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'Verbothity' Makes a Wordsmithing Winner

by Bob Levey

When she sits down to write children's poetry, "it just comes to me, " explained Jo Ann Hay. It worked pretty much the same way in the land of neologisms.

As she does most months, Jo Ann sat down to take a whack at the November version of our monthly make-up-a-word contest. From somewhere in left field, a victorious brainstorm arrived.

The November challenge, to which Jo Ann and about 3,000 fellow wordsmiths responded, was:

Ink pen, spending money, sailing ship... What do you call these two-word redundancies that seem to clog the language?

Jo Ann's winning coinage:

Verbothity.

That's a fine merger of "verbosity" and "both," thought this jury of one. When it came time to award the blue ribbon, Jo Ann's invention was a standout.

Zora Margolis of Northwest Washington and Carolyn Kelly Lindell of Alexandria evidently thought so, too. They submitted the same word, but later than Jo Ann. Under our rules, they get a pat on the back, but no first prize and no free lunch. Please keep trying, Zora and Carolyn.

Our November winner was born and brought up in Strongsville, Ohio, near Cleveland. She's a graduate of Bowling Green University, and she has lived in the Washington area since the late 1970s.

She has worked for many years as a substitute elementary school teacher in public and Catholic schools near her home in Fairfax Station. She and her husband, Gerald, have a 24-year-old daughter, Jennifer.

Jo Ann says she doesn't have a secret to her neologism success, although "I've always felt very creative with words." Perhaps it's her habit of reading three newspapers every day, she thinks. In any case, she pronounced herself very pleased with her victory lunch of a seafood salad at Le Canard in Vienna.

Can Jo Ann sell her poetry? "I'm hoping to get published somewhere, " she told me. If you belong to the when-it-rains-it-pours school, her luck just got better, didn't it?

I wish her more of it as she pursues publishers. Meanwhile, congratulations to her for a clever entry.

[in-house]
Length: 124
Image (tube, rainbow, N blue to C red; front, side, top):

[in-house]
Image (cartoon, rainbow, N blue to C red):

Almosts and Nearlies for November were:

Dittonyms: Neil Shawen of Falls Church.

Over-biage: Jim McKain of Great Mills, Md., and W.J. Mountain.

Overbosity: Richard Jaffe of North Potomac.

Lexiclones: Jim Taylor of Alexandria.

Twidioms: Peter Young of Charlotte.

Verballooning: Karen Kenworthy.

Orgytory: Karen Kenworthy again.

Resaidivism: Karen Kenworthy yet again, then six others.

Pairmutation: Roz Hopenfeld of Rockville.

Twomors: Former champ Tom Witte of Gaithersburg.

Wearyiterate: Hannah Fisher.

Pairaducks: Former champ John O'Byrne of Dublin.

Redoneduncies: Nancy Stange.

Repetidiom: Former champ Jack Bailer of Camp Springs, Erin Johnson of Northeast Washington and Paul Wernet.

Faux Pair: Jack Bailer again.

Verbellishment: John Held.

Padds: Nick Flokos of McLean.

Pairrots: Jan Verrey first, then 11 others just like it.

Foolyweds: Jan Verrey again.

Gratwoity: Jan Verrey yet again.

Twotology: Dan and Carol Wyant of Laurel and James Calder.

Duhplicates: Former champ Jayne Townend.

Xeroxymoron: Steve Bienstock.

Twordiness: Mary Hornsby of Normandy Park, Wash.

Bivocals: Michele Leshan.

Combologna: Former champ Sidney Secular of Silver Spring.

Pairlaver: Sidney Secular again.

Bon-Bon Mots: Marla Baker.

Garbosity: Carole Ashkinaze of Silver Spring.

Duperfluity: Aileen Childers.

Yechoes: Al Toner of Arlington.

Renouns: Chris Sonnenberg.

Binamials: Roberta S. Cerio.

And Duelogisms: Sue Dietrich.

Very nice, gang (but I'm used to saying that). Let's see how you do with the December challenge. It is:

He likes to go to auctions and bid, bid, bid 'em up. But he only drives the eventual winning bidder to a higher level. Somehow, he never gets stuck with the item. This "bumper-but-never-buyer" at auctions is called a... (Click to see winning entries)

First prize is as grand and as glorious as ever: a free lunch, at a restaurant of the winner's choice, in or sanely near Washington.

Contest rules: You may enter as often as you like, on one piece of paper or several. Joint entries are welcome. So are entries submitted by fax (202-334-5150) or e-mail (leveyb@washpost.com). Entries must bear day and evening phone numbers, including area code(s). All entries become my property. Entries will not be accepted by phone or returned. In case of duplicate winning entries, I'll choose the one I receive first.

Please mail entries to Bob Levey, The Washington Post, Washington, D.C. 20071. Entries for the December contest must be received by Dec. 31.

© 2002 Bob Levey (leveyb@washpost.com).
This article is reproduced with the kind permission of the author.


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